Companies and bosses have struggled over the last decade or so learning how to attract, manage and retain millennial workers.
Long before that they had to learn to manage Boomers — the original me generation.
This is a generation, after all, that thinks of itself as “forever young,” even as some near 70. Most of all, what came across onscreen as well as in Greenfield-Sanders’ portraits was an unapologetic affirmation of the essential Boomer mantra—yes, it is still all about ME.
Then came Gen X, the supposed slackers who are now running things.
For a small, and supposedly lost, generation, Gen X’ers have found their way to positions of power. (…)Gen X’ers, incidentally, are among the most highly educated generation in the U.S.: 35% have college degrees vs. 19% of Millennials.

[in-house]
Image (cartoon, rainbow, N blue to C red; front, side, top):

We all know that everything moves faster these days — whether products, attitudes — or generations.
So, without more ado, meet Generation Z, which encompasses those born between 1995 and the early 2000s.
They present a new challenge to bosses, especially since they bear little resemblance to Millennials.
The question for most bosses and bosses-to-be is this: having finally wrapped their heads around Millennial dos and don’ts is it worth the effort to add Gen Z to the repertoire?
Actually, you don’t have much choice, since there are 79 million (and counting) of them.
Image credit: Kathryn Yengel